The abbey of Saint-Etienne of Marmoutier : the largest, the oldest, the most beautiful Alsace
You will not be able to move to the side of the abbey on the market-place of Marmoutier !
This monastery colossal is the most beautiful of Alsace. The oldest too, as it was built in 589. The abbey of Saint-Etienne is a benedictine church classified as a historical monument. It contains within it a small wonder : one of only three organs preserved in the famous organ builder André Silbermann.
Then, ready to go back in time ?
The abbey of Marmoutier : a Story of more than a millennium
Built in the Sixth Century by irish monks, including St-Léobard, with the financial assistance of the king of Austrasia, Childebert II, who endowed the abbey of a large estate, it was destroyed in a fire. The monastery was restored in 724 by the fifth Abbot, Saint-Maur where does the name Maurimonastérien given to the inhabitants of Marmoutier. It then became a royal abbey, whose wealth and prosperity was possible thanks to the merovingian kings and large areas. In 824, a second fire ravaged. Its reconstruction marks the beginning of the installation of the monks and of its prosperity until the Twelfth century. From the Fourteenth to the Fifteenth century, the abbey has some difficulties : the local lords, the Geroldseck, have the power and the property of the monastery, the Peasants ' war, the germans of 1525 and the Thirty Years war of 1618. She will regain the prosperity until the Revolution, when its assets were sold and the buildings devoted to the monastic life destroyed, the only remains of the abbey church that we admire today.
The abbey church Saint-Etienne : a mix of architectural styles harmonious
Different epochs and in different architectural styles are represented : a chorus neo-gothic-baroquisant, a massif of the western Novel and a gothic nave, all co-existing yet in harmony.
The grand facade romano-byzantine, composed of three arches, with two square towers to the left and to the right, holds a small fantasy : lions, bears and gargoyles come together for the pleasure of the eyes, small and large.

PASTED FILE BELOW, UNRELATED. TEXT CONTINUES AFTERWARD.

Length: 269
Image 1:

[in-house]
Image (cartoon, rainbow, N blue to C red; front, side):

The nave dates back to the Xiii century as reflected in the central part and the low-sides.
From 1972 to 1978, excavations have taken place in the abbey, and announced the crypt burial of Saint-Léobard, as well as the remains of the foundation of the abbey of which he was in the initiative. We went to the crypt mortuary by a spiral staircase located to the right of the choir of the abbey church at the level of the south transept. It shows the evolution of the architecture since the ancient times before the christian era.
The abbey of Marmoutier : the case of an organ Silbermann
This organ, as well as that of the abbey of Saint-Maurice d Ebersmunster, and the abbey church of Saint Cyriac of Altorf, are the only ones that we have preserved the famous organ builder André Silbermann.
The organ of the abbey of Marmoutier was an aesthetic close to the organs of Paris 1700s. Manufacturing jobs lasted 3 years, from 1707 to 1710. However, it was in 1746 that the son Silbermann, Jean-André, completed the organ, a common practice at the time, by adding four new games to the pedal and a Cromorne the positive.
The organ happened ages until 1954. Dedicated to a probable degradation, of young people who are engaged in its restoration.
The records of the organist american Neville Smith, in 1956, became worldwide know in the organ and took part in the renaissance of the invoice organ.
Finally, in 2009 and 2010, a large-scale restoration allowed various tweaks, fixes and repairs.
The organ that you will see during your stay in Carpe Diem is currently in its original condition. The instrumental part and the buffet were classified as a historic monument respectively in 1971 and 1972.
If you wish to visit the Alsace region of france and spend an excellent stay in our cottage, please do not hesitate to me contact !
Useful Information :
Archaeological crypt : access (charges 2€)
Free access to the abbey
Address : 9 Place du General de Gaulle, 67440 Marmoutier
Phone : 03 88 71 46 84